Cockermouth team marks 60 years of mountain rescues

  • 22 February 2013
  • From the section Cumbria
Team members at Black Sail, Ennerdale, in the 1950s
Image caption There have been 182 members during the team's 60 years

Sixty years ago members of Cockermouth Mountain Rescue Team would head on to the fells carrying electric lanterns after being called out by a policeman knocking at doors around the town.

Now the team is equipped with powerful and compact LED and they are alerted via their smart phones.

But as the team marks its 60th anniversary, chairman Steve Brailey said while there have been major changes - mainly with the equipment - other elements have stayed constant, like the mountains, the type of injuries they treat and the expertise and commitment of team members.

He said: "Some things haven't changed in terms of what we do but some things have changed dramatically.

"When we are called out we are doing very similar things to what people were doing in 1953 - going to the scene as quickly as possible, giving them first aid and carrying them down on a stretcher as quickly as possible.

"It's the same team spirit and big personalities - that hasn't changed."

'Tremendous pride'

Image caption There are an average of 60-80 call outs a year

Among the changes have been the first aid equipment, owing to advances in technology. And while injuries may be similar to 60 years ago, there have been changes in activities like mountain biking and parapenting (paragliding).

And while the clothes and equipment people have when they go out on the fells "has never been better", Mr Brailey said there has been a definite decline in the level of self-reliance skills, such as map reading, and more reliance on technology.

In the team's first year it received six call outs. Now the average is between 60 and 80 a year. The team members are all volunteers and spend about 8,000 hours a year on rescues.

By December 1953 the team raised about £50 which meant 300ft of rope, six karabiners and two electric lanterns could be bought, with members donating other equipment.

Now the team's annual running costs are £46,000, which is covered by donations and fundraising.

The team has 42 members. Two of them have more than 50 years of service, 12 with 25 years or more and 20 with 10 years or more.

Mr Brailey said: "There's a tremendous pride in being part of the organisation.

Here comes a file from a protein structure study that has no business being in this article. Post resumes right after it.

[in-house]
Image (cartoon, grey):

"Predominantly it's a love of the outdoors and it's also being part of a team. Someone once said it's like being part of a family."

Community support

The team estimates it has been called out more than 1,400 times over the 60 years of its existence. Members have treated 763 injured people and there have been more than 100 deaths.

Mr Brailey said the rescues with more serious injuries tend to stick in his mind but one of the most memorable rescue operations he was involved with was responding to a call out for a horse trapped in a bog.

Image caption Mr Brailey said one thing which had remained constant was the teamwork

He said he was thrown a piece of carpet that was lying around at the team's base and it was the only thing the horse could get a grip on. They managed to rescue it as a result.

The team was heavily involved with the operation to help people during the Cockermouth floods in 2009, which was an intense period of activity for them.

To mark its anniversary, the team is opening up its headquarters in Station Street to the public at 14:00 GMT on Saturday.

It will be showing how new equipment and technology has changed the way it operates compared to its early days.

Team leader Mike Park said: "Today's team stands on the shoulders of giants - the people who first came up with the idea of a Cockermouth Mountain Rescue Team and made it a reality.

"The people who followed, both within the team and throughout the wider mountain rescue community; the wives, partners, family and friends that equally make the team what it is as the team members themselves."

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